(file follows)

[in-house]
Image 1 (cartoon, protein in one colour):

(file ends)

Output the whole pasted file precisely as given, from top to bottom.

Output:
[in-house]
Image 1 (cartoon, protein in one colour):